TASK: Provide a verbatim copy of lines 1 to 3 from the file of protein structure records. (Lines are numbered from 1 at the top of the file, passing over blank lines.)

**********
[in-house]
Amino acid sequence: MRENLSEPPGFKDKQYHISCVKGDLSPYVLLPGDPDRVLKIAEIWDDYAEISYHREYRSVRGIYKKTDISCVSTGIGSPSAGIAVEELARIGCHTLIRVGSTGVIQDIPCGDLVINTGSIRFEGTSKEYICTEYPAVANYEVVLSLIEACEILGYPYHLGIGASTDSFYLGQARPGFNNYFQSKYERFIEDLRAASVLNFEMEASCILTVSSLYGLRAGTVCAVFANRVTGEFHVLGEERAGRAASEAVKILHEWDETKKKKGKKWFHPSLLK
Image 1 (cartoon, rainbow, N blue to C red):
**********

[in-house]
Amino acid sequence: MRENLSEPPGFKDKQYHISCVKGDLSPYVLLPGDPDRVLKIAEIWDDYAEISYHREYRSVRGIYKKTDISCVSTGIGSPSAGIAVEELARIGCHTLIRVGSTGVIQDIPCGDLVINTGSIRFEGTSKEYICTEYPAVANYEVVLSLIEACEILGYPYHLGIGASTDSFYLGQARPGFNNYFQSKYERFIEDLRAASVLNFEMEASCILTVSSLYGLRAGTVCAVFANRVTGEFHVLGEERAGRAASEAVKILHEWDETKKKKGKKWFHPSLLK
Image 1 (cartoon, rainbow, N blue to C red):